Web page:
Husk was a restaurant I had been salivating over for quite some time. After a coworker showed me an article written up about the chef in a favorite magazine, I was dazzled with the idea of a restaurant that served nothing native to North of the Mason Dixon. I thought that maybe this place would have to reside in my dreams for a while, but on a family trip to Hilton Head, I finally got my chance.
It would be unfair to say that Husk is the most beautiful building in Charleston, because, well, every building is beautiful. Set in the scenic downtown where historic antebellum homes sit atop cobblestone walkways, Husk’s gleaming white exterior beckons you to sit atop its porch and relax. I felt as if I was walking up to a long lost grandmother’s home, not a restaurant. Inside was a similar vibe. I was surprised with how contemporary the place seemed, grey walls, tall ceilings, and detailed features steered very clear of the kitschy kitchen I had in mind. The waiters all wore plaid and many had impressive mustaches, so the pretenses were kept low. We were seated exactly at our reservation time (reservations are very difficult to get-plan ahead!) and greeted by a cheerful waiter. Then our fun began.
We started off with the compressed watermelon, which our waiter was happy to explain to us. Put in a bag and sucked of all air, the watermelon is left looking a little pinker than usual. Sprinkled with a smattering of salt and served on a beautiful tray, we gobbled it up. It was great watermelon, but perhaps I missed out on something, for it tasted just like other watermelon. The bread, however, was divine. With a choice of duck fat butter and regular, we smeared our little buns with plenty to keep us licking our lips for more.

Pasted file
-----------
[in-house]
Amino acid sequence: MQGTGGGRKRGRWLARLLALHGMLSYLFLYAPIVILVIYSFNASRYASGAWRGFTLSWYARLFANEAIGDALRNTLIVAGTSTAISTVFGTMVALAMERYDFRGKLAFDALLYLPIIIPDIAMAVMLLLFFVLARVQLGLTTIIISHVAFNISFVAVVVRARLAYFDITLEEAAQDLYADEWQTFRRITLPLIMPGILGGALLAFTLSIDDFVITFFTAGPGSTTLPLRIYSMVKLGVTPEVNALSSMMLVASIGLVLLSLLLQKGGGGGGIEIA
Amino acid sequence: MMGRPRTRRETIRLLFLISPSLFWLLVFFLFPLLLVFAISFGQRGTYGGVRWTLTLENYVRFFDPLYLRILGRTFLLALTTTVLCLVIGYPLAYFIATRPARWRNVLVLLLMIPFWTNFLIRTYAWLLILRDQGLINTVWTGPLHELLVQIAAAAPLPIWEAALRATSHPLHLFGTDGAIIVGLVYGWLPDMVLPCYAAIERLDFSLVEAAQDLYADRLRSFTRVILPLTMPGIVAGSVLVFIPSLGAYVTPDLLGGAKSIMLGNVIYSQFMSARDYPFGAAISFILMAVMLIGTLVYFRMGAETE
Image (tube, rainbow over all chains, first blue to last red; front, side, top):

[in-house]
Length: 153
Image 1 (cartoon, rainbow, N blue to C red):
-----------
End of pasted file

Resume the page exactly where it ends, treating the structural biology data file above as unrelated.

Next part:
When the food arrived, we were most impressed by the presentation. My mom and I’s salads came in large wooden bowls that looked as if they had been carved out of a tree that day. Diving into the bibb lettuce, beets, and most delectable bleu cheese, we were hooked. The buttermilk dressing that tied it all together made the whole thing as flavorfully indulging as the most decadent hamburger. Each fresh ingredient was able to shine and we were happy.
Michael had no words for his wood fired quail, farro, peaches, and arugula, only smiles. Finally stating that it was, “cooked perfectly and delicious,” we concluded that those would be his last words of the dining experience. My dad was equally as pleased with Carolina catfish with fried cabbage and sweet peas. My brother, whom we had suspected to be the most unadventurous, was pleasantly surprised to learn that his hamburger of choice had actually been rated as one of the top ten in America. “It was really good,” he said, shaking his head and looking down at the burger. Our waiter even informed us with a chuckle that some people come from all over to try the famous slab of meat, only to ask for it plain. Our sides, bacon cornbread and cheesy mushroom grits left us feeling satisfied and a little overstuffed. Rubbing my stomach, I wondered what would happen to myself if I ate those grits every day of my life.
As with any Oswalt family meal, nothing ends until the sugar arrives. Our waiter realized at this point that we were all ears when it came to the process of making the foods, and quickly filled us in on the desserts. After much hesitation (how can you say no to so many booze infused goodies?) we decided on the Blueberry Boy Bait, a 1950s recipe that included lime ice cream and smoked pecan crumble. The flavors, mixed together, were the best way to beat the Carolina heat any day.
The meal was lovely, the service was great, and the atmosphere was cozy, so what am I complaining about? My only qualm with Husk was the lack of vegetarian food. Don’t get me wrong, my salad was spectacular, and the grits were amazing, but I would have loved to see something that allowed their farm fresh produce to shine, not take a supporting role to meat.
Satisfied and happy, we left with the assurance that we had not only filled our bellies to the brim, but ate at a true gem.